Crowd funding is a method of raising money using the Internet through a large number of people who generally invest small amounts of money. Crowd funding has been successfully utilized by non-profit organizations and political campaigns but is now being reviewed by the Securities and Exchange Commission for use in business financing.
We believe crowd funding can significantly help small to medium size companies raise investment capital for opportunities where commercial banks, investment banks, venture capital firms and angel investors might not participate. Crowd funding can lead to a boom in entrepreneurship, innovation and employment.
For crowd funding to be successful and balance public interest, we support the requirement for entrepreneurs to (a) file a Form D with the Securities and Exchange Commission and (b) provide all investors with information otherwise found in an S-1 (or S-11) registration statement including audited financial statements. Furthermore, we do not believe that securities sold in crowd funding offerings should be freely traded and that such securities must be registered with the Securities and Exchange Commission before being publicly traded.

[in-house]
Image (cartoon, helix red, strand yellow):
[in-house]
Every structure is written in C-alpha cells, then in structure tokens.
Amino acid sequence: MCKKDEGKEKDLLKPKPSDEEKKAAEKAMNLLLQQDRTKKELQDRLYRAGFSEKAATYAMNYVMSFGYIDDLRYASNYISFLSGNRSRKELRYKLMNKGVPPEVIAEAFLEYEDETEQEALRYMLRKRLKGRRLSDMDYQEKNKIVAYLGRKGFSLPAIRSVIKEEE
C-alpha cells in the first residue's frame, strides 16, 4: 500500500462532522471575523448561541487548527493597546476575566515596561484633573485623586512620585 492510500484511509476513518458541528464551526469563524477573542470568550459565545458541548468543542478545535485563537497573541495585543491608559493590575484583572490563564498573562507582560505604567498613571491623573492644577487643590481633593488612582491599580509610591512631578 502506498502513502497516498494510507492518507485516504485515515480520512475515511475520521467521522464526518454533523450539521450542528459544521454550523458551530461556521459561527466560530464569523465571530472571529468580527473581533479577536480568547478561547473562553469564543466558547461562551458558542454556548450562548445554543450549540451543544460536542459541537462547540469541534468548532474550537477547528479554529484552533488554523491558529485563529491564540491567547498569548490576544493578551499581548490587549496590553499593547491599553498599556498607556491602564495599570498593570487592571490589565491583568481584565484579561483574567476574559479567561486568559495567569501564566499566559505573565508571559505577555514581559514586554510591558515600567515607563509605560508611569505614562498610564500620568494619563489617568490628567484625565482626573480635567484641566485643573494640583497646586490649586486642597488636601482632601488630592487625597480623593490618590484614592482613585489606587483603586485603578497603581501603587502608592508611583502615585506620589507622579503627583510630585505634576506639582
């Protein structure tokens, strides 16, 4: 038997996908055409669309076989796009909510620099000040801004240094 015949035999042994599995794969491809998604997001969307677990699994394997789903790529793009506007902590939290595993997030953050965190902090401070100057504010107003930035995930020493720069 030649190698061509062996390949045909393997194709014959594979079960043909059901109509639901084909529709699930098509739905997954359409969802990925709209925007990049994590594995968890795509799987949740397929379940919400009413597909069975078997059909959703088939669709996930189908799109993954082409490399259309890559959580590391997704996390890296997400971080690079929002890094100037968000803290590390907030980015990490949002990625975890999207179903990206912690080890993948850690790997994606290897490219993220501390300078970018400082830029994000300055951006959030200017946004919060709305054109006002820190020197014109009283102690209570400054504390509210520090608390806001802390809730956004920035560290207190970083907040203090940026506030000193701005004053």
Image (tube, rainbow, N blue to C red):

It presently appears that securities regulators and government officials are leaning towards prohibiting crowd funding as a means to protect the general public from fraud. We would argue that clear rules and regulations as well as very stiff penalties including prison time for any persons found guilty of misrepresenting or omitting any material facts in crowd funding offerings would help to limit fraud.